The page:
The wind began to howl again, raking its cold fingers through her hair and clothes. But she paid it no mind, her eyes fixed upon the statue's gentle, downward gaze. She continued stepping slowly forward, gently tracing her fingers up the creases of the metal fabric. She nudged her toe into a crevice at the base of the inscription, effortlessly ascending the pedestal. The wind was even more pronounced up here off the ground, but all she seemed to notice was the face in front of her, with its soft smile and kind visage. Her hand softly brushed the statue's cold cheek. May he who is lost find solace in the paths he takes, she thought.

She wrapped her arms around the neck of the bronze man, pressing her delicate body against the solidity of the metal. She rested her cheek on the man's chest, tightening her embrace of the figure. Slowly, gently, her eyes fluttered closed.

The storm raged on.

Click for prompt )
dreamingaloud: (Default)
Written 2/06/09

This is a cruel parody of my profession, I think.

Sure, when on the job, I like to record my subjects. Actions, mannerisms, words.

But there's something sinister about those six eyes, blinking. And those raptor claws curled around a mechanical pencil, resting on a reporter's notebook.

I've looked over my shoulder, but he can't possibly be interested in these bare concrete walls. His focus lies on me.

I take a step backwards, trying to slowly extricate myself from the scritching of his pencil and the swishing of his tail on the dirty floor.

And I wonder if now is a good time to ask him what he's writing.

Click for prompt )
dreamingaloud: (Default)
Love? Don't speak of such things. What do I know of love these days?

That's the trick, dear one. I can't claim to know love. It rushes by too quickly to be recognized. I know it only by the traces it leaves behind, the bumps and chasms that weren't there before. Its aftermath is tracked not by memory, but by the shadows it leaves upon our hearts and minds.

Love runs. It's better not to make chase. To do so is the folly of youth. It's easier to watch the footprints fade into the distance.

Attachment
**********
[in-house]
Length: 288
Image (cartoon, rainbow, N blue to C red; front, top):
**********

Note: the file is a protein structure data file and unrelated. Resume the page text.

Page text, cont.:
Such is love. And life.
dreamingaloud: (Default)
Our first date was in a coffee shop.

She hated the taste of coffee, but she drank it anyway. For the caffeine, she said. I always knew she was a liar. She was beautiful when she drank coffee, and she knew it. Of course, you could scarcely call it coffee by the time she got through with it. She steadily added sugar and cream, lightening the concoction by shades until it nearly matched the off-white of the ceramic mug. Her delicate fingers cradled the mug's smooth surface, lips barely touching the rim, taking only the smallest of sips. She seemed more content holding the cup anyway, letting the warmth of the beverage slowly seep into her fingers and palms. When her hands were warm (and the coffee cold), she abruptly threw her head back and tilted the mug, swallowing the lukewarm liquid in three big gulps.

She quickly, efficiently deposited our cups into the used dish tray and slung her bag over her shoulder. "Let's go," she said.

We stepped outside into the autumn wind, hair tousled from the chilly gusts. Her right hand slid into my left one. Her fingers were still slightly warm from the coffee. We walked along the quiet streets, twilight shadows slanting across our path. Her free hand stretched delicately outward, and her fingers brushed against whatever happened to be there. She ran her hands over wooden fences and bicycle seats without prejudice, skimming her fingertips over parking meters and tree trunks. Yet there was a hesitancy to it. Before each new surface, her fingers recoiled slightly, almost imperceptibly, as if she were testing her own reality against these randomly-occurring objects, and she was afraid that she might eventually slip, as if her hand might suddenly move unbidden through the metal or wood instead of across it. Every successful contact seemed a relief for her, yet she could not dwell upon it, not so long as we continued moving.

We passed beside a long stretch of chain-link fence. Her fingers traced the interlocking rings, falling into the rhythm of moving up and down and up along its length. Suddenly, she reached out and laced her fingers through the metal, grabbing the fence firmly. She tugged gently on my hand, pulling me closer to her until our faces were almost touching.

"I can't love you," she whispered. Her eyes were locked on mine. "Not in the way you love me."

"I know," I said. "I think maybe that's why I love you in the first place."

I kissed her then, the only time I'd ever kiss her. Her lips tasted sweet, like sugary, milky coffee.


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Laura (A curious, enigmatic thing)

February 2010